Copper is another nutrient needed in the body for the formation of hemoglobin which is necessary for red blood cells. Food rich in copper are beef, pork liver, and bran flakes. Zinc is involved in the release of oxygen from the lungs and it helps in the digestion proteins. Food sources are eggs, milk, seafood, meat and poultry.

Finally fluoride, a substance found in bones and teeth, is needed for resistance to dental caries. Fluoride is most helpful during the development of teeth. Some toothpaste contains fluoride and the public drinking water contains fluoride.

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The Recommended Dietary Allowance

People of different age groups need different amounts of nutrients. The Recommended Dietary Allowance (RDA) is dietary standard. The RDA was developed by the Food and Nutrition Board and published in 1943. A daily food guide consists of milk and milk products, bread and cereals, fruits and vegetables, and meat and meat alternatives.

A family of an individual can carry out its own daily nutrition program by making use of the Daily Food Guide and the servings according to age and needs. A six- year old does not need as much food as a twelve year old. All teenagers undergo what is called a growth spurt. This period of rapid growth varies from person to person. During the period both sexes need more energy this calls for more nutrients and calories per day. The family meal plan should be satisfactory for adolescents. Portion sizes can be increased or decreased where needed.

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Food Pyramid and Planning

The Food Guide Pyramid is one way for people to understand how to eat healthy. A rainbow of colored, vertical stripes represents the five food groups plus fats and oils. Here's what the colors stand for:

orange -- grains
green -- vegetables
red -- fruits
yellow -- fats and oils
blue -- milk and dairy products
purple -- meat, beans, fish, and nuts

The U.S. Department of Agriculture (USDA) changed the pyramid in 2005 because they wanted to do a better job of telling Americans how to be healthy. The agency later released a special version for kids. The girl climbing the staircase up the side of the pyramid is a way of showing kids how important it is to exercise and be active every day (U.S. Department of Agriculture, 2009).

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Eat a variety of foods

A balanced diet is one that incorporates all the food groups. In other words, have foods from every color, every day.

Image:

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Eat less of some foods, and more of others

The bands for meat and protein (purple) and oils (yellow) are thinner than the others. That's because the body needs fewer of those kinds of foods than fruits, vegetables, grains, and dairy foods.

The bands start out wider and get thinner as they reach the top. That's designed to show you that not all foods are created equal, even within a healthy food group like fruit. For example, apple pie would be in the thin part of the fruit band because it has a lot of added sugar and fat.

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Lesson Plans

Keeping a food journal is an excellent first step in assessing how you eat now and why you eat the way you do. It will help you target your current problems and look into the root of them. In the end, it will also help you to design the eating plan that is best for you. The first week and the last week of this unit the students will be asked to keep a food journal on what they eat throughout the day within a seven day week. By the end of this unit students food choices may change when they learn what foods are healthy and brain boosters.

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Lesson One: Incredible Edible Brain


The central nervous system appears at the beginning of the third week of embryonic development as a slipper-shaped plate of cells, called the neural plate. The other edges of the plate develop further, elevating to form the neural folds. As the folds become more elevated, they approach each other in the midline and eventually fuse, thus forming the neural tube. This fusion begins in the neck region and proceeds in a head ward and tail ward direction. Final closure of the tube occurs at approximately 25-27 days.

The upper (cranial) end of the neural tube has three dilations known as the primary brain vesicles. The prosencephalon, or forebrain, will eventually give rise to the cerebrum. The mesencephalon becomes the midbrain (part of the brainstem). The rhombencephalon, or hindbrain, consists of two parts, the metencephalon, which later forms the pons and cerebellum, and the myelencephalon, which forms the medulla oblongata (brainstem).